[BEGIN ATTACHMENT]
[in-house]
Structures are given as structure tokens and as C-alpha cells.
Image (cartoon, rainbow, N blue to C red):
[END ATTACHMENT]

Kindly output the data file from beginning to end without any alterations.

[in-house]
Structures are given as structure tokens and as C-alpha cells.
Image (cartoon, rainbow, N blue to C red):